We need to ensure that poor people and the most vulnerable are protected because they always suffer most from a shock: be it climate shock, a pandemic shock or a shock from finance. And we need to build the regulatory and other capacity to mitigate these shocks and build resilience. When you read the evidence of the Commission looking into the causes of the financial crisis, the exposition from the Treasury Secretary is remarkable as he had been the CEO of Goldman Sachs and should have understood banking. But the Treasury, the FEC, and the SEC and the FED, and everyone else supposedly in charge did not have a clue what was happening. The collective statement that emerges from the evidence is: ―we did not know what was happening. They did not know that when they pulled the plug on Lehman it would lead to a cascading failure.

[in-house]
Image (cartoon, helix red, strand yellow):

How was this? We have a data deluge; we need to learn to drink from the fire hydrant. If we cannot do so, we will not able to manage. The weak signals are important, rather than the overwhelming noise of data. And in this we need to understand that our institutions have to keep pace not only with technological change but with the pressures that come from new technologies and from new sources.
A key concern is that our regulatory institutions need to urgently shape up to become fit for 21st Century purpose. We do not want to allow the tragedies I have mentioned to also be reflected in the future tragedy of democracy.
Can democracy deliver?